Commentary

Ambivalence about a More Assertive Japan

A key component of Washington’s military rebalancing strategy, with its shift of emphasis to East Asia, is a robust relationship with major allies. During his recent visit to the region, Secretary of Defense, Ashton Carter, highlighted that aspect. At the top of the list of vital security partnerships is the bilateral alliance with Japan.

However, the U.S. attitude toward Japan playing a more vigorous security role has always reflected a degree of ambivalence. The original draft of the Pentagon’s infamous 1991 planning guidance document stressed the need to prevent any country from even aspiring to challenge America’s dominant position. Although some observers concluded that China was the principal target of such concern, Beijing’s relative weakness at the time and the overall language in the document seemed directed more at what was then the fast-rising, second largest economic power in the world—Japan. Moreover, the Pentagon document was not the only example of U.S. uneasiness about Tokyo playing the role of a great power in the security arena. Just a year earlier, General Henry Stackpole, commander of U.S. Marines in Okinawa, opined that the United States was the “cork in the bottle” preventing a resurgence of Japanese militarism and the fears that such a development would spawn throughout East Asia.

Because of bitter historical memories, China has long been even more wary about a Japanese military revival. Indeed, even during the chilliest days of the Cold War, Beijing provided mixed signals about the U.S. military presence in East Asia. Although Washington’s motive to contain communist (including Chinese communist) influence was evident, and therefore resented, Chinese leaders also seemed to believe that America’s supervision restrained Tokyo and prevented Japan’s rise as a strong, independent military power.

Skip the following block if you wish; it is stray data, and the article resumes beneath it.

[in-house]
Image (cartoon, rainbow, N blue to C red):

For good or ill, Japan is emerging as a complete great power, not merely an economic great power.

In recent years, U.S. leaders have gradually become increasingly receptive to Japan playing a more active security role. The previous ambivalence faded noticeably during George W. Bush’s administration, and that trend has continued throughout the Obama years. The implicit focus of the rebalancing strategy and other elements of U.S. policy in East Asia is to contain Beijing’s growing power and influence. Washington has looked on benignly as Japanese Prime Minister Shinzo Abe’s government has developed military systems with power projection capabilities, such as the new helicopter carrier; begun to sign arms sale agreements with other countries; and “reinterpreted” article 9 of Japan’s pacifist constitution to permit military missions beyond situations of strict self defense.

The American public, however, remains decidedly ambivalent about Japan playing a more extensive security role. A recent Pew Institute survey found that 47 percent would welcome such a change, in part to alleviate the financial and logistical burdens on the United States, but 43 percent believed that, given Japan’s history of aggression in the twentieth century, Tokyo should strictly limit its military role.